Charming Editors & Engaging Audiences
Editors Note: Highway Africa hosts a DIGITAL STORYTELLING IN DEVELOPMENT JOURNALISM Workshop in Ghana.
The Objectives are:
• To create an understanding of the elements of development journalism
• To share skills on how to tell development stories better
Some of the issues to be addressed include how media organisations make use of opportunities provided by digital technology, the water story and innovative approaches for TV.
Elijah Chiwota, the Inter Press Service (IPS) Media Project Coordinator, is one of the conveners and Knight Fellow Sylvia Vollenhoven will moderate the hour-long interactive session.
The Sessions and Presenters are:
° Development Storytelling: Let’s Stifle Those TV Yawns – Sylvia Vollenhoven & Thomson Foundation CE, Janet Boston... Development Journalism makes editors yawn and drop these stories to the bottom of the pile, especially on TV. But when we put innovation and creative storytelling back on the development agenda we can charm editors and engage broadcast audiences. This session looks at excellent examples from around the world… stories that have claimed their place in the TV mainstream. Robert Lamb’s recent “Nature.Inc” (BBC series), the award winning “Hands On / Earth Report” & “Children on the Frontline” Projects (Producer Janet Boston) and “Our Own Voices”, the rare collaboration between UNICEF and the SABC, are some of the featured TV programmes.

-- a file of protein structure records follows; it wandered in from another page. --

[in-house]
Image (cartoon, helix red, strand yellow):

° Development Journalism in an Online Era - Terna Gyuse, IPS Regional Editor will address the promotion of development journalism – with background, context and analysis - in an era where attention spans are shrinking and celebrity news dominates. Using award-winning examples of development journalism, Guyse will explore digital story telling that focuses on the untold stories.
° Telling the Digital Water Story: A Case Study – Clever Mafuta, Southern Africa Research and Documentation Centre (SARDC)... A water headline usually does not inspire one to read a story. Yet the consequences of the absence of clean water, for example, can grab headlines. This means that the water story is an important story all the time. The challenge is how to tell this story in an exciting way. The SARDC experiences help by giving a water angle and a regional flavour to the issue.
° Changing Lives Experience – Paula Fray, Trainer, IPS Regional Director: Africa... Research tomes are often accessible only to researchers and academics but what happens when you want to make research real? Using research as a development journalism experience, IPS tested various platforms to tell the research story and discovered interesting ways of reporting on the continent.